Study of some elementary particle interactions with special reference to the use of stochastic methods

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Study of some elementary particle interactions with special reference to the use of stochastic methods

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Title: Study of some elementary particle interactions with special reference to the use of stochastic methods
Author: Thunga, R.
Advisor: Ramakrishnan, Alladi
Degree: Ph.D
Main Subjects: Physics
Institution: University of Madras
Year: 1962
Abstract: This thesis consists of three parts, viz., (i) Better understanding in the methods of Electrodynamic calculations, (ii) Dispersion theory -recent techniques and applications and (iii) Particle physics - phenomenological approach, an illustration. These three parts concerns with the study of processes which illustrate the nature and scope of the attempts with particular emphasis on a critical examination of the physical basis of quantum field theory. It is ascertained that the study of interactions within the frame work of perturbation expansions is not only conceptually satisfying but bears an elegant correspondence with the description of evolutionary stochastic processes. It leads to the derivation of the field operators. Hence the physical basis of quantum field theory is built on an interpretation of the integrand of the S-matrix. It is believed that this attempt is no ta mere reformulation of known axioms since it leads to a new proof of the equivalence between the Feynman and field theoretic formalisms. The Feynman propagator is decomposed into positive and negative energy parts; The relative contributions from the two parts to the matrix element for electrodynamic processes like Compton scattering and Bremmstrahlung are calculated. The equivalence between the energy denominators occuring in the field theoretic formalism and the method of the decomposed Feynman propagator are demonstrated respectively, by identifying the energy denominators in the two formalisms upto fourth order perturbation expansions. A generalized proof for the nth order also is given. Part II of this thesis consists of an application of the recent developments in dispersion theoretic techniques to various problems involving strange particles.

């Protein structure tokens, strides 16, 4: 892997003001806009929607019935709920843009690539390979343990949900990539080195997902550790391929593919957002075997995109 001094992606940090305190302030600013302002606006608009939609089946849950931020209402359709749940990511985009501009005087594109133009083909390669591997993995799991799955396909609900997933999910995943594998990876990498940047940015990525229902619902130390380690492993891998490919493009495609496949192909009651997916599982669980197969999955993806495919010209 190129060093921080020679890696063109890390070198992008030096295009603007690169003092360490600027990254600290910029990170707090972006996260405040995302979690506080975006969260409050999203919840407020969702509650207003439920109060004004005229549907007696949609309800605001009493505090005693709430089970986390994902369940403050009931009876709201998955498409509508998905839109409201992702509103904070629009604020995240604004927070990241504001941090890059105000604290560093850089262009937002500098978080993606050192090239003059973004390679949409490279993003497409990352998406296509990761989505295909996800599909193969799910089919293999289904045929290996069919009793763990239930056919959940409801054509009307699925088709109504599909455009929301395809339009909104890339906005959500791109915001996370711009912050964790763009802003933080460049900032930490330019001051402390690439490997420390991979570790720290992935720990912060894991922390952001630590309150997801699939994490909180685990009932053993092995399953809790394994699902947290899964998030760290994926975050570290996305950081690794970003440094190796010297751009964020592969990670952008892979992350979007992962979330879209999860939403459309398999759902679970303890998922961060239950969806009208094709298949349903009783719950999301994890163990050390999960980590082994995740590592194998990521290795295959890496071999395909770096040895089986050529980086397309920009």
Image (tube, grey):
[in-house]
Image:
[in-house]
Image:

URI: http://hdl.handle.net/123456789/15

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